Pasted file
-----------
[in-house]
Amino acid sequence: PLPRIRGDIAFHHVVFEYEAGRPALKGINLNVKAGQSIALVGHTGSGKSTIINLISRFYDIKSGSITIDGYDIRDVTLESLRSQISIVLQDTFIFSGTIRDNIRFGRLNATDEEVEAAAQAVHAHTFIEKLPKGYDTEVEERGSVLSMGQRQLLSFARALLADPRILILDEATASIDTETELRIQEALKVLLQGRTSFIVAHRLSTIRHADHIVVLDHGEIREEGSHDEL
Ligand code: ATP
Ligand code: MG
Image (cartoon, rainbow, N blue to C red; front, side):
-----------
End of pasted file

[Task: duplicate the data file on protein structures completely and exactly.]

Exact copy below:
[in-house]
Amino acid sequence: PLPRIRGDIAFHHVVFEYEAGRPALKGINLNVKAGQSIALVGHTGSGKSTIINLISRFYDIKSGSITIDGYDIRDVTLESLRSQISIVLQDTFIFSGTIRDNIRFGRLNATDEEVEAAAQAVHAHTFIEKLPKGYDTEVEERGSVLSMGQRQLLSFARALLADPRILILDEATASIDTETELRIQEALKVLLQGRTSFIVAHRLSTIRHADHIVVLDHGEIREEGSHDEL
Ligand code: ATP
Ligand code: MG
Image (cartoon, rainbow, N blue to C red; front, side):